Raver Revolution 

Before West Coast dance music "tribes" get political, they'd better clean their toilets.

It's 3 a.m. on a Sunday, and we're braving a switchback-riddled dirt road on an Indian reservation somewhere northeast of Bakersfield. There's a cliff on one side, a mountain on the other, three friends in the passenger seats, camping gear in the trunk, a hula hoop strapped to the bike rack on top, and a full moon overhead. In spite of the four hours we've put in since we left Los Angeles, an indeterminate distance of rock and dirt stretches between us and the Moontribe Tenth Anniversary Full Moon Gathering, which our directions indicate is happening at the end of the road.

In other words, it's another more or less normal night in hot pursuit of beats in the underworld.


Due to problems with land access, law enforcement authorities, and vibe-killing ravers who don't respect the organization's leave-no-trace ethos, directions to Moontribe are a tightly guarded secret within the cyberhippie community. Like Burning Man and other cyberhippie events that represent the confluence of technology, music, art, and neurochemical experiments in human consciousness, Moontribe events tend to be purposely isolated. In fact, one member of the tribe is responsible for finding ever more hidden gathering locations, and spends his free time driving up and down dirt roads in the high desert and mountains between Los Angeles and San Francisco, searching for bust-free spots.

"When you're trying to find Moontribe, you go as far as you think the middle of nowhere is, and then you go a little bit farther," says Nicole, one of my traveling companions, who has attended dozens of Full Moon Gatherings up and down the Pacific coast during the past six years.

When we do finally reach the party twenty minutes later, an elfin cyberhippie clad in earth-toned tech wear stops us on the dirt road, welcomes us, warns us not to set foot in a sacred tribal area that abuts the gathering, and lectures us for five minutes on proper party, camping, and trash- disposal etiquette. In the distance, the sound system beckons with thumping tribal techno spun by Moontribe founder Daniel. Finally, our lecturer waves us on and we're treated to a river crossing before we scramble to set up our tents and get our swerve on before the sun rises.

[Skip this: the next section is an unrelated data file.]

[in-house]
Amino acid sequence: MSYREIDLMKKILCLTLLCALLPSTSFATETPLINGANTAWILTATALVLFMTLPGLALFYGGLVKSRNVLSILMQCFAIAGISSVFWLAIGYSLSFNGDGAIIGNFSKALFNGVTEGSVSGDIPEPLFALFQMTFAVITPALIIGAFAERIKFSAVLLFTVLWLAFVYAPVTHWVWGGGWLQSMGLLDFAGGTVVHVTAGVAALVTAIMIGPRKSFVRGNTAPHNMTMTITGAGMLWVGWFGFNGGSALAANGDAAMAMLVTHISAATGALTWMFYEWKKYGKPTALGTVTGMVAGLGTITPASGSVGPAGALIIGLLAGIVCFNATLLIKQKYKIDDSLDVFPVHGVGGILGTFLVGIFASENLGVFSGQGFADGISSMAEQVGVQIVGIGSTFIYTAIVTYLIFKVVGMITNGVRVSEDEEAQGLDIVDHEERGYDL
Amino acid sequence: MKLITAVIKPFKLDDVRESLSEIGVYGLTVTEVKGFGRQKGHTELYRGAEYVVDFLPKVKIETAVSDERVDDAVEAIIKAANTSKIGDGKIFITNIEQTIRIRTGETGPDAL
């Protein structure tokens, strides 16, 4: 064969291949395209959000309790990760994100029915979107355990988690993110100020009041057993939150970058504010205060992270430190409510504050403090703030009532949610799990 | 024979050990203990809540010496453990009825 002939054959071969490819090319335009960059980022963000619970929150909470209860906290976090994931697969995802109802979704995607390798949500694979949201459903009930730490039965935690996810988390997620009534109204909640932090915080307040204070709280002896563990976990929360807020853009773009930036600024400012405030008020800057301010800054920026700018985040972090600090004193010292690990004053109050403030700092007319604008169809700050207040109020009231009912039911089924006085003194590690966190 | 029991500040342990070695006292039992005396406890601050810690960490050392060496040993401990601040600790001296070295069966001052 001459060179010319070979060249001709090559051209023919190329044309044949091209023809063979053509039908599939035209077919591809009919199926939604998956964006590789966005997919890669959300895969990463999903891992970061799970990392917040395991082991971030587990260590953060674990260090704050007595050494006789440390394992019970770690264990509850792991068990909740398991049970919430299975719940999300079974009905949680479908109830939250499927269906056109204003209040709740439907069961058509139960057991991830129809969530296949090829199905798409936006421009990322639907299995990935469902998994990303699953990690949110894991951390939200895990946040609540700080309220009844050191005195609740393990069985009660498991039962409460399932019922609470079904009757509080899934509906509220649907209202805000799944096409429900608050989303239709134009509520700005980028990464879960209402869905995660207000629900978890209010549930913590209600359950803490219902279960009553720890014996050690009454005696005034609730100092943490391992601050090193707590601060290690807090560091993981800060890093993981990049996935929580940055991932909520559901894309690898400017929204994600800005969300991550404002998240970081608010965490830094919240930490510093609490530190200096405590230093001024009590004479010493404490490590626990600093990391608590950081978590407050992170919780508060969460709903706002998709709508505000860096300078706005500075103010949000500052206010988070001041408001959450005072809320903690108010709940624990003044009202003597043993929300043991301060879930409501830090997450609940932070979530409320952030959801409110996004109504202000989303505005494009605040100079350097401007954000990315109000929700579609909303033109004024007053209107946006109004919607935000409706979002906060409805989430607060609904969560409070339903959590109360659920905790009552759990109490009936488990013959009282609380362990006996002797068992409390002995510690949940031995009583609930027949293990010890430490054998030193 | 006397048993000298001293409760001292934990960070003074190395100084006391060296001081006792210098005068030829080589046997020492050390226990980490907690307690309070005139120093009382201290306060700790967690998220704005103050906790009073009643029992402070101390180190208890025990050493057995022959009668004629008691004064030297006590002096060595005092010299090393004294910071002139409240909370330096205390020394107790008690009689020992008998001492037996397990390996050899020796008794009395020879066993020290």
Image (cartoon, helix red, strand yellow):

When we make it to the clearing in the forest where the sound system is set up, a scrim of dust rises from the dance area beneath the canopy of conifers overhead that makes the dancers seem like they're swimming in a brown sea, and leaves a thick coating of muck on the speaker cabinets and the hundreds of people who've been partying since Friday.

In spite of the tightly guarded directions, word about this party clearly got out, because in addition to the standard cast of cyberhippies clad in Eastern-inflected garb, there are loads of primarily male ravers stumbling about tweaked out of their gourds. There are a few old-school Moontribers in their late thirties to mid-forties in the house as well, some holding babies that giggle and bounce to the beats.

At the portable toilets we discover trash on the floors, urine and TP covering the toilet seats, and graffiti scrawled on the walls. While this is a common occurrence elsewhere, every person who entered this party received the same instructions to respect the land, the other partygoers and, presumably, the toilets. It's not just that you expect better behavior at Moontribe -- it's more or less demanded.

But outside, the river runs through the middle of the camping area, passing hundreds of cars and tents before it curls past the DJ booth, where a Brazilian DJ based in Los Angeles is spinning psy trance. It takes something more powerful than simply an outdoor dance party to bring together this many people this far from civilization -- it takes vibe, and vibe is here in abundance. But if a powerful positive vibe is created when hundreds of people gather around a sound system in the middle of a forest or on a dry lakebed in the high desert, is it possible for the power of these temporarily autonomous leisure zones to be channeled back into real life? More importantly, if partyers can't figure out how to pee in a toilet, pick up their own trash, or otherwise respect their peers, can they realistically be expected to organize and take action as a unified political force once the music stops?



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